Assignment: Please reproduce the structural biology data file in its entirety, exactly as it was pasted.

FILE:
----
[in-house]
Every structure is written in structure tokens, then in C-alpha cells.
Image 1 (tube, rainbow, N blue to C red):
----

[in-house]
Every structure is written in structure tokens, then in C-alpha cells.
Image 1 (tube, rainbow, N blue to C red):